"But make no mistake: With generation two of its Pixel phone line, unveiled Wednesday in San Francisco, Google really wants to deliver the Google Phone. And by that I mean Google wants you to buy this sleek, shiny phone, on presale now, because it's designed to do something even Apple and its Jesus phone can't: tap into everything Google does well.
'Smartphones might be reaching parity in terms of specs,' Rick Osterloh, Google's hardware chief, said Wednesday during a presentation in San Francisco. So, he said, Google is focused on integrating its software and artificial intelligence tech into the hardware. 'It all starts from reimagining hardware from the inside out.'
Wednesday's presentation also saw the introduction of several other devices, including a $250 standalone camera called the Google Clips and a $400 premium version of its smart speaker, called the Google Home Max.
But Google, at its heart, is in the software business. It's world famous for its iconic search engine. People rely on it every day for Google Maps. YouTube, which Google owns, is the largest video site on the planet. Seven of its products, including the three just mentioned, boast more than a billion users. The others are Android, its mobile operating system; Google Play, its marketplace for apps and entertainment; Chrome, its web browser; and Gmail, its web-based mail service.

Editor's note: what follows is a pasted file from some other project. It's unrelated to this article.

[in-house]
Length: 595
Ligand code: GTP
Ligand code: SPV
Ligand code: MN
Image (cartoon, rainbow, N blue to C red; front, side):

The new Pixel phones -- the Pixel 2, priced starting at $650, and the Pixel 2 XL, starting at $850 -- try to tap into Google's 19 years in the search business. The most intriguing tie-in doesn't even have to do with the phones themselves. On Tuesday, Google introduced Pixel Buds, a $160 set of wireless (Bluetooth) earbuds with touch and voice controls. They work with any phone.
Though they'll inevitably draw comparisons to Apple's equally priced AirPods for the iPhone, the Pixel Buds offer one feature that's exclusive to the Pixel phone: a real-time translation mode that works with Google Translate. Tap the side of the right earbud to trigger the voice controls, and say 'Help me speak French,' -- or any of the 40 other supported languages, including Greek, Swahili or Vietnamese -- then speak a phrase you want to be translated. The translated sentence comes out of the Pixel's speaker. When the person replies in French, the English translation is piped directly into your ears.
It's a neat feature. I tried it last week at Google headquarters in Mountain View, California, with simple phrases like, 'How are you doing today?' I used it only very briefly, but It worked well enough. The feature isn't earth-shattering; earbuds from a company called Waverly Labs promise something similar.
But the translation feature highlights the sorts of things Google can do to try to make its phone stand out, using all the data and machine learning it's collected from billions of users over time."